6 April 2015 The current escalation is “more desperate than ever” for civilians in Yarmouk displaced persons camp which is currently housing thousands of Palestinians on the outskirts of Damascus, the head of the United Nations agency concerned with the well-being of Palestinian refugees warned today.
“The situation has been turned upside down. Currently, it’s simply too dangerous to access Yarmouk,” said Pierre Krähenbühl, Commissioner-General at the UN Relief and Works Agency for Palestine Refugees in the Near East (UNRWA), as he briefed the press at UN Headquarters in New York via video-link.
“Right now, what is on the mind of people at Yarmouk is bare survival,” he added, recalling his visit to the camp several weeks ago. “I just saw people waking up with so much despair in their eyes, waiting for their meagre assistance.”
He spoke of “unbearable suffering” that he saw and civilians queuing up in line to get aid, scenes of elderly people saying that they’re hungry, and a pregnant woman in the queue fainting.
Earlier this morning, Mr. Krähenbühl, also via-video link, briefed the Secretary-General and Security Council on the unfolding situation in Yarmouk, a Palestinian Refugee camp near the Syrian capital.
He said during the briefing he called on international bodies to remain seized of the urgent situation and also called on parties to cease all activities that put civilians in danger and allow humanitarian access. Member States must also uphold the UN Charter.
Failure to do so could lead to the gravest and most appalling of consequences for the more than 18,000 civilians who have been trapped in Yarmouk for over two years. Since 1 April, it has been the scene of intense fighting and it is virtually impossible for civilians to leave, as any attempt to move in the open brings high risk.
Among the besieged residents of Yarmouk are 3,500 children, who have been reliant on UNRWA's irregular distributions of food and other assistance for over a year. In some areas interruptions of humanitarian operations has left thousands of people without aid for months.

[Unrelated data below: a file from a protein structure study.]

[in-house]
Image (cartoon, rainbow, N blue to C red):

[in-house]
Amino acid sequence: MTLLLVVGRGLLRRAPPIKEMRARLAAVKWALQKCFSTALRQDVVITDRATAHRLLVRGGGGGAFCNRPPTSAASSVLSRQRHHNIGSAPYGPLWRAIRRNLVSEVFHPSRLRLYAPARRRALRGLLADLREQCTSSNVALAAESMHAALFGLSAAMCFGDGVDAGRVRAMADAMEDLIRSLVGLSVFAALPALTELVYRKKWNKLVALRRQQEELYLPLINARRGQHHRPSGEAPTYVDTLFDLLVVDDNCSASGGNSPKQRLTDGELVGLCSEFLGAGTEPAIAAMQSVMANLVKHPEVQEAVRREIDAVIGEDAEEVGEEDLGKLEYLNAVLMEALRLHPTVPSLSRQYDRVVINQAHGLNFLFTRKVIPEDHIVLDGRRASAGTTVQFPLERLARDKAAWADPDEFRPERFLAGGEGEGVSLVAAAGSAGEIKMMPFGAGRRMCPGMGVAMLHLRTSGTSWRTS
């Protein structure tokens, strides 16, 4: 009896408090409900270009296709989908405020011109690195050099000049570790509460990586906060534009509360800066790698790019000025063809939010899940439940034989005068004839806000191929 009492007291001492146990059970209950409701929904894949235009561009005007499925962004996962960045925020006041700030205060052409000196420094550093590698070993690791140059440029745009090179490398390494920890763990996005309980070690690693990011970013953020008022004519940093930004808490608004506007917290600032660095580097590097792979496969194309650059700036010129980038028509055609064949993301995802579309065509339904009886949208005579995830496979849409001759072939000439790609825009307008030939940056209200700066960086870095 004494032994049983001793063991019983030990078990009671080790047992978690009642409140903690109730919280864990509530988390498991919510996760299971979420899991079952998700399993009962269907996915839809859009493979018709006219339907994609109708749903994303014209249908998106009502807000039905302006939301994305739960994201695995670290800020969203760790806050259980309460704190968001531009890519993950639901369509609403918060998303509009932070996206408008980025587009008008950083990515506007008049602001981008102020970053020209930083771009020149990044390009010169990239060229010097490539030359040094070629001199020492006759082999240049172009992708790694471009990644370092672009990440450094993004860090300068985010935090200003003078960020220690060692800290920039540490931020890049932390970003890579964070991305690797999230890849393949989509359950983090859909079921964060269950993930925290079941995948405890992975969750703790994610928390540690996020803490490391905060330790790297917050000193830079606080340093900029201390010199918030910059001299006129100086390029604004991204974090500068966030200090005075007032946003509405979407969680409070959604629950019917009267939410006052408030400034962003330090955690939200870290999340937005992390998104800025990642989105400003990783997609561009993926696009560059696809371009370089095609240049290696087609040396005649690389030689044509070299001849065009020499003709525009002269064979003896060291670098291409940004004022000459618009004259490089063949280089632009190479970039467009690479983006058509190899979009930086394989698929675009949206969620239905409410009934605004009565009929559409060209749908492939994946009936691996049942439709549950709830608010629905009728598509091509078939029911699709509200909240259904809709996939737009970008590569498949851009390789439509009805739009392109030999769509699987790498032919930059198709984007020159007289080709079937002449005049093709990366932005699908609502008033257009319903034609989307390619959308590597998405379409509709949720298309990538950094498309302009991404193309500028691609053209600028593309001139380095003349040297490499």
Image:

And with the situation deteriorating even further, the unbearable environment must be addressed through human and political terms, he said. What is happening in Yarmouk is an opportunity for the international community to work together and use concerted action to influence behaviour.
On a regional level, he expressed gratitude to neighbouring countries for accepting Syrian refugees and also Palestinian in recent years, as well as most recently as fighting in Yarmouk continues. “Many refugees have been displaced to other areas in Damascus – temporary shelters, schools, and our compounds,” he added.
But people must be protected and assisted wherever they are, and for those who do wish to leave Yarmouk, organizing the evacuation is important but incredibly challenging as violence and fighting between armed groups increases.
“This is highly complicated especially in an environment that is increasingly dangerous,” Mr. Krähenbühl said, adding that it is very difficult for civilians to move around freely. Moving a large group of people out of the camp is very challenging.
“However challenging that may look at the present, it may be the only way to save lives in Yarmouk,” he said, reminding that it is the responsibility of all parties to the conflict to protect civilians.
The international community must influence political and religious leaders to promote and uphold fundamental messages.
“Respect for life is not just an element of international law but also a fundamental principle. Leaders must exert their power to influence all parties to cease hostilities and reach a humanitarian truce,” he emphasized.
Answering a question about how much of the camp is controlled by the Islamic State of Iraq and the Levant (ISIL), Mr. Krähenbühl said it was difficult to give a percentage of how much of the camp is controlled by armed groups. But it is “safe to say” that a significant percentage of civilians are now in the area controlled by armed groups. It is difficult to give a full description of the number of armed groups and militia that are fighting for and against the government.
He recalled how UNRWA has been present in Syria for over 60 years dealing with the Palestinian refugee population throughout the country. During that time many of the Palestinians integrated into Syrian life, got jobs, became self-sufficient and sent their children to UNRWA schools.
“Now you have 95 per cent of the Palestinian population in Syria dependant on UNRWA,” he said.
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